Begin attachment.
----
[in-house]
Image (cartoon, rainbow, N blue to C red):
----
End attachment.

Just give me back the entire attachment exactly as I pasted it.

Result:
[in-house]
Image (cartoon, rainbow, N blue to C red):